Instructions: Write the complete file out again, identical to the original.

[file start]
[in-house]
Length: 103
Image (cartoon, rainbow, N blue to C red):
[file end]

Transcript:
[in-house]
Length: 103
Image (cartoon, rainbow, N blue to C red):